Lastly, Flanders Red-styled Weird Two, aged eight months in Woodford Reserve Rye Bourbon barrels then refermented with sour lactobacillus and brettanomyces bacteria, brought lightly vinous grape esters and honeyed mead subtleties to the same oaken vanilla tartness influencing the previously quaffed Weird One.


On June ’17 revisit, discovered four more goodies while chatting it up with wife and entrepreneurial brewmaster Bohb Striker.

Unassuming light-bodied Genesee knockoff, Jenny C. Cream Ale, recalled its macrobrew standard with soft-watered flaked corn malts, dry rice sedation and light lemon-spiced spritz.

Lemon-soured Saison Primitive Farmhouse Ale utilized ginger, peppercorn and orange peel adjuncts to embrace its cologne-perfumed honey spicing and lime-juiced snip.

Distinctly balanced moderation, Chow’duh NE IPA provided zesty grapefruit, bitter orange rind and sweet mango with gentle piney hops and creamy crystal malts to its wheat-oats spine.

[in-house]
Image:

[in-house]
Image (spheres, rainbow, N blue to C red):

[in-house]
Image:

For nighttime dessert, Nitro Coconut Milk Mooo-Stache sufficed, as its mildly creamed dark chocolate sweetness picked up casual coconut and caramel illusions.


Image result for masthead brewing


Occupying a cavernous cement-floored warehouse at the east end of downtown Cleveland, MASTHEAD BREWING COMPANY opened its doors at the historic Bryant Building, January ’17.

Providing the perfect sportsbar atmosphere for local fans, its massive reclaimed wood 100-foot bar, ample seating, widespread community tables, sizable sidewalk patio, multiple tap handles, strewn barrels and TV’s in every direction create a natural blue collar rusticity to complement Cleveland’s Industrial working class city.

The steel-furnished Masthead (with a huge company insignia along the back wall) crafts some serious elixirs in its rear brew tanks and the left side open kitchen offers fine pub fare including wood-fired red and white pizzas.

One of Masthead’s newer brewers, government marine biologist-turned-brewer, Chris Spann, shared beer thoughts as I settled in on a sunny Saturday afternoon in April ’17.